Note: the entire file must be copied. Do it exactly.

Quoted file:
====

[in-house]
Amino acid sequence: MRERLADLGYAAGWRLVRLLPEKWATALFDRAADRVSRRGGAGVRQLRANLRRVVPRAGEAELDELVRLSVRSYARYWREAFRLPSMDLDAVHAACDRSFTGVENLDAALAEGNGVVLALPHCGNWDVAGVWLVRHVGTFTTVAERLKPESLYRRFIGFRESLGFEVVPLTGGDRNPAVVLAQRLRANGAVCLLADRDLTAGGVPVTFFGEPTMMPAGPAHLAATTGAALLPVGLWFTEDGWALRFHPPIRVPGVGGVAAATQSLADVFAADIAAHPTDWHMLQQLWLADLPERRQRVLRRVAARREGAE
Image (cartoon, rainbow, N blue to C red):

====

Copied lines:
[in-house]
Amino acid sequence: MRERLADLGYAAGWRLVRLLPEKWATALFDRAADRVSRRGGAGVRQLRANLRRVVPRAGEAELDELVRLSVRSYARYWREAFRLPSMDLDAVHAACDRSFTGVENLDAALAEGNGVVLALPHCGNWDVAGVWLVRHVGTFTTVAERLKPESLYRRFIGFRESLGFEVVPLTGGDRNPAVVLAQRLRANGAVCLLADRDLTAGGVPVTFFGEPTMMPAGPAHLAATTGAALLPVGLWFTEDGWALRFHPPIRVPGVGGVAAATQSLADVFAADIAAHPTDWHMLQQLWLADLPERRQRVLRRVAARREGAE
Image (cartoon, rainbow, N blue to C red):